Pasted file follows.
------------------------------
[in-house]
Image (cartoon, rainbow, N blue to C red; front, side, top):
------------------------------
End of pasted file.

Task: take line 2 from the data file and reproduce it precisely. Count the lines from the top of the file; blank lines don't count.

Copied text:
Image (cartoon, rainbow, N blue to C red; front, side, top):